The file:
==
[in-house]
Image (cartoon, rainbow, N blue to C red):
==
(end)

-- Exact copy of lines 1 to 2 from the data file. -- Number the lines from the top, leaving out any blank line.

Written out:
[in-house]
Image (cartoon, rainbow, N blue to C red):